Max Planck Institute for Social Anthropology University of Zurich

Aktuelles

Kinship and Genealogical Relations: Practices of Name Avoidance, and Networks of Feasting and Gift Exchange in Rural Southern Kyrgyzstan

Current Research The research is part of a comparative research project “Kinship Universals and Variation” in the department Integration and Conflict at the Max Planck Institute of Social Anthropology in Halle. It investigates kinship in southern Kyrgyzstan by focusing on two topics: Kin classification and name avoidance by married women Relations of mutual assistance at

Kinship and social identification in South-Eastern Kazakhstan: The relevance of patrilineal descent in economic and social life

Tribalism in Kazakhstan as well as in Central Asia is a hotly debated topic. Many authors claim that tribalism is a phenomenon that belongs to Central Asian countries where economical and political hierarchy depends on belonging to the appropriate network or kin (cf. Poliakov 1992; Schatz 2004; Cummings 2005). And, indeed, there are many kinds

Kinship and social identification in South-Eastern Kazakhstan: The relevance of patrilineal descent in economic and social life

Tribalism in Kazakhstan as well as in Central Asia is a hotly debated topic. Many authors claim that tribalism is a phenomenon that belongs to Central Asian countries where economical and political hierarchy depends on belonging to the appropriate network or kin (cf. Poliakov 1992; Schatz 2004; Cummings 2005). And, indeed, there are many kinds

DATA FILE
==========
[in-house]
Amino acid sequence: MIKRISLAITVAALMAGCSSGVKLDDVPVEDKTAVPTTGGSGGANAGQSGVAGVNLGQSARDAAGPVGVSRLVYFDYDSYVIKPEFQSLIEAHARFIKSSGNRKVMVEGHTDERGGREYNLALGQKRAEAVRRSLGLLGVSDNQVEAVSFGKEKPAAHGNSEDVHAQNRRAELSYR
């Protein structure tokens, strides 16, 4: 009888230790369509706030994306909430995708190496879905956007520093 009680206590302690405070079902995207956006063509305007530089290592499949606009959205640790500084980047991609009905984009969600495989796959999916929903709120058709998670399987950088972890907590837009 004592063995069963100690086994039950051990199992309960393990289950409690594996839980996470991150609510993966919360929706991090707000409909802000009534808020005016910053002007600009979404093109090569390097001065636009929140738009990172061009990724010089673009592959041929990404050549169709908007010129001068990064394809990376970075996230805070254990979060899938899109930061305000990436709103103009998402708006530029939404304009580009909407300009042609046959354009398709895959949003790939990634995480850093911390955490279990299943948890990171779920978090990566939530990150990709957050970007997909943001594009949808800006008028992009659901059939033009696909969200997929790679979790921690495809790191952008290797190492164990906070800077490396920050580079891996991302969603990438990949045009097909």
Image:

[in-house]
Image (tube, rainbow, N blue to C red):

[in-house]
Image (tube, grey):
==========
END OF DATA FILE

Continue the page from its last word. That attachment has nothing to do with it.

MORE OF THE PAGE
Contested Identity of Kalmaks in Contemporary Kyrgyzstan

Aida Aaly Alymbaeva, PhD Candidate

Department Integration and Conflict, Max Plank Institute for Social Anthropology

Khodja in Central Asia: construction and transformation of identity

Azim Malikov, Senior research fellow

Department Integration and Conflict, Max Planck Institute for Social Anthropology

Migration into ‘Illegality’ and the Making of the State in Post-Soviet Kyrgyzstan: The Case of a Squatter Settlement in Bishkek

Eliza Isabaeva, M.A, PhD Candidate

Department of Social and Cultural Anthropology, University of Zurich

Making Mongolia Multi-Ethnic: Knowledge, Power and Identity

The main aim of this proposed research is to understand why and how Mongolia came to have more than 20 officially recognized ethnic groups within a relatively homogenous population that still considers itself to form a common Mongol ethnicity. To understand this puzzle, the research will examine two hitherto neglected, yet critical developments: the ethnological